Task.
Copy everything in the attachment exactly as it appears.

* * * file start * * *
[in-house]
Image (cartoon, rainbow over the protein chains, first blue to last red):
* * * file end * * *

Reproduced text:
[in-house]
Image (cartoon, rainbow over the protein chains, first blue to last red):